For fans of deeper, more esoteric house sounds, Black Loops has been one of the most consistently interesting new names to emerge over the last decade or so. While staying true to a warm, underground sound which has historically always lived on the fringes of the scene, Black Loops has carved out the kind of following usually reserved for far less nuanced producers. His slightly eerie and definitely off-kilter bonus track “Sex” for example, has garnered over four million streams on Spotify and counting.
Having recorded seven EPs for Berlin label Toy Tonics and issuing releases on countless other respected imprints, it was only a matter of time before Black Loops would end up jumping into bed with Jimpster’s Freerange label. Frankly, a more perfect musical fit is hard to imagine. New three track gem of an EP These Changes is his third outing on Freerange, featuring friend and Toy Tonics labelmate Cody Currie, who lays down golden-era soulful vocals on the title track, over shuffling drums and an outstanding melodic, percussive bassline.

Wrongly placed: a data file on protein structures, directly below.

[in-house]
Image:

I was keen to discover more about Riccardo Paffetti, the man behind the Black Loops moniker, and was delighted to discover a highly accomplished musician, former session drummer and eclectic musical magpie, humble and willing to share both his refreshingly unfussy production setup and his creative process with us.
So let’s start at the beginning. Where did you grow up? I think I’m correct in thinking you’re Italian? Small town or big city?
Correct! I grew up in a small town called Arezzo, in the heart of Tuscany.
Was there much of a music scene around you growing up? Do you remember your first exposure to house and electronic music?
Arezzo hosted, for more than 20 years, the biggest free music festival in Europe called “AREZZO WAVE.” Artists like Moby, Chemical Brothers, St. Germain, Cypress Hill, Aphex Twin, LCD Soundsystem, Soulwax and an infinite amount of great live and electronic acts passed through my town and I saw them all for free (I know, it’s mental right?) Luckily, I got the chance to work at the festival when it was still active, and this is definitely what shaped my music tastes.
Who were the key mentors and musical inspirations early on?
I remember hearing the Metro Area album for the first time in a club near my hometown, particularly the track “MIURA” (this was in 2000-2001 if I’m not mistaken) and I was literally blown away. That moment drove me to dig deeper in the deep house and house music world.